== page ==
Already in 1967, Paul VI, in the Encyclical Populorum progressio, spoke of “integral development” as aiming to “promote the good of every man and of the whole man”, which is an inherent value of the Christian vocation. With the Encyclical Caritas in veritate, Benedict XVI paid tribute to Pope Paul VI, revisiting his teachings on integral human development in the light of the situation occurring during his Magisterium. Speaking about integral development and migration (n. 62), the Pope Emeritus affirmed the migrant’s right to be treated as a human person and not as a commodity or a mere part of the workforce. He also recognised that: “foreign workers, despite any difficulties concerning integration, make a significant contribution to the economic development of the host country through their labour, besides that which they make to their country of origin through the money they send home.”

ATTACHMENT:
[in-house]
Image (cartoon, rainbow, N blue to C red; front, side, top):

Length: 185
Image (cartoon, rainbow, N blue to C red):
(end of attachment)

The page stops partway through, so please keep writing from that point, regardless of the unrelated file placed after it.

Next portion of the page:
In his latest Encyclical, Fratelli tutti, Pope Francis states that “in a genuinely developed society, work is an essential dimension of social life“. For this reason, a primary goal of the political system should be guaranteeing that “everyone has a chance to contribute his or her own talents and efforts.” In point 235, the Holy Father returns to the need to start over “from the least of our brothers and sisters”. A society can’t afford to leave a part of itself on the fringe. Therefore, he explains, “inequality and lack of integral human development make peace impossible”.